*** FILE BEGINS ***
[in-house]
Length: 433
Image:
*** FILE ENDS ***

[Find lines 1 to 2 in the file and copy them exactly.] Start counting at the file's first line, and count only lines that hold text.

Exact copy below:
[in-house]
Length: 433